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Biomedical visualization: LIVE at the ROM

Image of a pliosaur sketch by Ruth Chang. Photo credit: R. Chang

Pliosaur sketch by Ruth Chang. Photo credit: R. Chang

From May to June, and again from October to November, the 103-year-old Royal Ontario Museum hosts “Friday Night Live.” ROM Friday Night Live transforms the museum from a venue for art, culture and natural history into one of the most desirable social destinations in Toronto. Patrons dressed in cocktail attire form a line outside and along Bloor Street to purchase one of the small number of tickets available at the door for the sold-out event. The venerable old institution lowers the lights and fills with the beat of dance music played by DJs. Guests enjoy drinks and explore offerings from pop-up food vendors while experiencing live performances and special demonstrations in the ROM’s gallery exhibits.

The ROM’s festival programs organizers invited four students from the Master of Science in Biomedical Communications to give a live demonstration of scientific visualization at the November 18, 2016 production of ROM Friday Night Live.

The volunteers, first year students Nancy Ji, Ryan Park and Lisa Qiu, and second year student Ruth Chang, attended an orientation at the museum the Tuesday before the event. They were shown the galleries where they would draw and each student received a pair of event tickets to share with friends.

On the night of the event, the students were stationed in the James and Louise Temerty Galleries of the Age of the Dinosaurs and the Reed Gallery of the Age of Mammals but they were free to move between and within the galleries.

“At least one student migrated into the Gallery of the Birds,” says Jessica Hawthorn, one of the festival coordinators and former UTM biology graduate student.

At first, party-goers were hesitant to interrupt the students as they sat or stood to sketch. Ryan Park swung his name tag around and wore it on his back while he drew the skeleton of the ROM’s giant ground sloth. “Then people were comfortable addressing me by name,” he says. Park estimates that he spoke to about 20 small groups of two or three people throughout the night.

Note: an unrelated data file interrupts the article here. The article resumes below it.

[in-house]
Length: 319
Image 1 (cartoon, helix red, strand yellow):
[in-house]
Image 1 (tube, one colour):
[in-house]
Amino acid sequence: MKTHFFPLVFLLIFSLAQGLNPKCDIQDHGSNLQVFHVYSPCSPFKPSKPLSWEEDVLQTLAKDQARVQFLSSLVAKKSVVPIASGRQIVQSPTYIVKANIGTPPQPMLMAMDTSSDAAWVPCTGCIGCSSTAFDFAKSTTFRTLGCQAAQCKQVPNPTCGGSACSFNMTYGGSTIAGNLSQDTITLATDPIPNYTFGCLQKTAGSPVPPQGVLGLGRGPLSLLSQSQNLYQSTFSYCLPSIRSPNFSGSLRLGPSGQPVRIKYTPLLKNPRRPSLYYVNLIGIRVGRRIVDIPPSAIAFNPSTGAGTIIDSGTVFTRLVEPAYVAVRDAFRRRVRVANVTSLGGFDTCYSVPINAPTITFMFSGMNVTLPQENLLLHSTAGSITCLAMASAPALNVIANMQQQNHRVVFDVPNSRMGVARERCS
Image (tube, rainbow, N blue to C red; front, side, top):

Ruth Chang wrote “ask me questions” on her sketchpad above her sketch of a pliosaur. “People stopped hovering and started approaching me freely after that,” she says.

Festival coordinator Hawthorn says that including biomedical communications students in ROM Friday Night Live highlights how illustration is a medium for communicating scientific concepts and how the museum is a library of objects. The museum is a repository of specimens that hold information on evolution and ecological change and these specimens can be accessed by researchers and illustrators.

Biomedical communications students regularly access the museum’s collections for their research. In one instance, Chi-Chun Liu, who worked with UTM biologist Sanja Hinić-Frlog and biomedical communications professor David Mazierski, was exploring the biomechanics of an extinct flightless bird for a scientific animation. ROM curators took a specimen off exhibit and gave Liu exclusive access for his direct observation and measurement.

“That is the great value of our collection,” says Hawthorn.

Now finished its fifth year and tenth full season, the motivation behind ROM Friday Night Live was to engage that twenty-something demographic. “We created a night that takes everything we do from exhibitions to galleries to research and wove it through a program where food and entertainment are factored in,” says Chris Kennedy, the ROM’s senior manager of festival programs.

ROM Friday Night Live typically sells out two to three weekends in advance and has an average attendance of 3,000 people. The night the biomedical communications students gave their live demonstration a remarkable 3,400 guests attended. ROM Friday Night Live has become an important source for revenue that supports the ROM’s operations, collections and research, says Kennedy. “But most importantly, it encourages people to get in and explore all our gallery exhibitions.”

To brighten and warm the cold, bleak month of February, ROM festival organizers offer a one-off Friday Night Live. This year on February 3, 2017, “Afro Fête” kicks of the ROM’s Black History Month programming. ROM Friday Night Live’s all-new spring programming premieres May 5.

by Maeve Doyle

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